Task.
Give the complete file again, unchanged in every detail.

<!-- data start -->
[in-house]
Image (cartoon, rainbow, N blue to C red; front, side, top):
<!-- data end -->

[in-house]
Image (cartoon, rainbow, N blue to C red; front, side, top):